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Nicolas, Where Have You Been?

3.56 of 5 stars 3.56  ·  rating details  ·  89 ratings  ·  12 reviews
When the young mouse Nicolas sets out across the great meadow alone in search of ripe red berries, he is grabbed up by the claws of a huge bird and carried high into the sky. But that is only the beginning of Nicolas's adventure. How he gets the berries he was hoping to find, and learns to trust the very creatures he thought were his enemies, makes this Leo Lionni fable on ...more
Paperback, 32 pages
Published March 23rd 2010 by Dragonfly Books (first published 1987)
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Kiah Ballard
This book is a good example for children that there is good in everyone even if they've done some not so nice things in the past. I would use this book to help children talk about their feelings and their friendship with their friends. We would talk about how even though friends can sometimes hurt each others feelings, friends can still care about one another and treat one another nicely.
Christina Taylor
After being abducted by a large bird, Nicholas Mouse begins an adventure in which he experiences first hand Uncle Raymond’s words of wisdom: “one bad bird doesn't make a flock.” Lionni’s modern fable is an excellent tool for teaching Jane Schaeffer’s techniques for writing literary analysis. The story’s moral can serve as a stated thesis that students must support with textual evidence, explaining concrete details gleaned from Lionni’s colorful mixed media collages that have been bolstered by th ...more
Maia
A favorite author in our house.
Meg
My favorite part of this book--as with all of Lionni's works--the illustrations. Nicolas is a young mouse who wants to eat berries and blames the birds when he can't find any red, ripe, delicious berries. His tune changes when a nice family of birds takes care of him, bringing him red berries everyday and caring for him as one of their family. It holds an important lesson about judging or loving others. This book is better for at least a three-year-old.
Snorkle
This is a cute little book with a good message. I liked the attitude of little Nicolas and wondered where the story would take him. I'm glad this book had a happy ending. I would recommend, especially to people who are fans of mice.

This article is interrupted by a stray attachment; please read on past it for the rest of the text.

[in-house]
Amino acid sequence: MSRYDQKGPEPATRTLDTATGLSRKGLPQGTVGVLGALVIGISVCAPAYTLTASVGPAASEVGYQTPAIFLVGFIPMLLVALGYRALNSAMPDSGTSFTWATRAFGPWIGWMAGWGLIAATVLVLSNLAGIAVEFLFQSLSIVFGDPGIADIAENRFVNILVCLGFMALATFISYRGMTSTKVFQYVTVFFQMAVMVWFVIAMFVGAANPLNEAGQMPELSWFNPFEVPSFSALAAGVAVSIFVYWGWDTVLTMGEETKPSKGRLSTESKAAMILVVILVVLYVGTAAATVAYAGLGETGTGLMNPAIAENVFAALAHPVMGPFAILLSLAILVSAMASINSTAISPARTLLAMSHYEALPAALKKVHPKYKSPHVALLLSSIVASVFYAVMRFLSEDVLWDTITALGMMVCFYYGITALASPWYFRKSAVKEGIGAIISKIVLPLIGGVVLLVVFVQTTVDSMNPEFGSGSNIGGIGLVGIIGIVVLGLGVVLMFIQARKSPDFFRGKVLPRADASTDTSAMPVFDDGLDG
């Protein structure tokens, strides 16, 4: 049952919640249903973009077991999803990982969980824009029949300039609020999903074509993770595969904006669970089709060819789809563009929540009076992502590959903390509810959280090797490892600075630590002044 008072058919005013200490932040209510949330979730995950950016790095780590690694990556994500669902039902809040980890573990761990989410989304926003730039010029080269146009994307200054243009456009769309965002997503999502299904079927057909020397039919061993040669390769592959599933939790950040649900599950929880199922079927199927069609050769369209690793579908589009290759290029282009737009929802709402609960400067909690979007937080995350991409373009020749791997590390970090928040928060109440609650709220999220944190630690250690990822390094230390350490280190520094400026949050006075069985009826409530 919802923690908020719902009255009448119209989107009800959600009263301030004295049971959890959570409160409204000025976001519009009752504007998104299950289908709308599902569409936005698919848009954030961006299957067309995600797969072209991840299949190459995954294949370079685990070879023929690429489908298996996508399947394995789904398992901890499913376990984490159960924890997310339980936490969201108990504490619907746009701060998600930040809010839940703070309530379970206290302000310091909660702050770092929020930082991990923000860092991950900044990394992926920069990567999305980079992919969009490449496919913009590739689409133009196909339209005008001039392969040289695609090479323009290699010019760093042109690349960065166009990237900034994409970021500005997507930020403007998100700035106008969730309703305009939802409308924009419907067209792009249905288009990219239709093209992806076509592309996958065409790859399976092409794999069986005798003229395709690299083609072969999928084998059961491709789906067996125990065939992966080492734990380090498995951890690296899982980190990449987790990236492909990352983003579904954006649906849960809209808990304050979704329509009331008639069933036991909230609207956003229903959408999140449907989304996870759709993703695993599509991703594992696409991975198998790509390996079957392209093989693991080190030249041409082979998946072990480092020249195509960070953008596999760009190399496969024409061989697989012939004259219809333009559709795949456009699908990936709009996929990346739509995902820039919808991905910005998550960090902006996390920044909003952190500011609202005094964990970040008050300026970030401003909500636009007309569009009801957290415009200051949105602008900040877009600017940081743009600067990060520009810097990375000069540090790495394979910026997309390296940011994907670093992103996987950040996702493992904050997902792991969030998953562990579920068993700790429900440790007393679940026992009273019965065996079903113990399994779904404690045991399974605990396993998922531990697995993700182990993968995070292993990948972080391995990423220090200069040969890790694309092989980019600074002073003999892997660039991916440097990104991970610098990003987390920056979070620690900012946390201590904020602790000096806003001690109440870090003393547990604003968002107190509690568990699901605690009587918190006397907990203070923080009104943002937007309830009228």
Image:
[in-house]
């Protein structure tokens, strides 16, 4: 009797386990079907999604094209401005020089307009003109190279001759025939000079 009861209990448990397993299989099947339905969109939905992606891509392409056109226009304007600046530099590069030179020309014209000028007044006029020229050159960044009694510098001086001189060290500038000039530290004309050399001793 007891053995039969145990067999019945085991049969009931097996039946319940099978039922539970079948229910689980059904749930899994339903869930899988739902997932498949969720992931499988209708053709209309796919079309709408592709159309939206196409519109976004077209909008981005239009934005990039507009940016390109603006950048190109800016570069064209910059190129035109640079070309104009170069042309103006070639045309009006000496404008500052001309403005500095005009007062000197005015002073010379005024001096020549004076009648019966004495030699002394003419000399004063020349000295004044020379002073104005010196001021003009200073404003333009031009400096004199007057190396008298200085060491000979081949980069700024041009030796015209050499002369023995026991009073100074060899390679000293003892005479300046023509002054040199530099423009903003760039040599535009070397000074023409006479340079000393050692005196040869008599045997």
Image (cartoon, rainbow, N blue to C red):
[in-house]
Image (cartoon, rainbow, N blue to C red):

*Taken from my book reviews blog: http://reviewsatmse.blogspot.com/2009...
Antoinette
Overall this book was pretty standard Lionni fare, but I was taken aback at the two-page spread illustration of an imagined battle between mice and birds, including some bloody and very dead animals. And I'm not easily shocked. Other than that, it's Lionni's usual message about making nice with all of God's creatures and with the earth.
Rebecca
Nicolas was consorting with the enemy whom all the other mice wanted to stab with sticks. Then they all became friends in the end. It was an ok book for me.
Donna
Good message of not judging everything in a category by a single encounter but the book contains some strong angry imagery.
بهمن بهمن
mikhain bekhandin maile khoodetoone,vali man asheghe ketab ghesseye bacheham;)
Tina
mice, birds, jumping to conclusions
Magda
'One bad bird doesn't make a flock.'
Lori
Feb 15, 2009 Lori rated it 2 of 5 stars  ·  review of another edition
Recommends it for: Older chilidren, not toddlers
Shelves: childrens
"One bad bird doesn't make a flock."
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FROM PUBLISHER:
Leo Lionni wrote and illustrated more than 40 highly acclaimed children's books. He received the 1984 American Institute of Graphic Arts Gold Medal and was a four-time Caldecott Honor Winner--for Inch by Inch, Frederick, Swimmy, and Alexander and the Wind-Up Mouse. Leo Lionni died in October of 1999 at his home in Tuscany, Italy, at the age of 89.

Leo Lionni has gained international
...more
More about Leo Lionni...
A Color of His Own Swimmy Frédéric Alexander and the Wind-Up Mouse Inch by Inch

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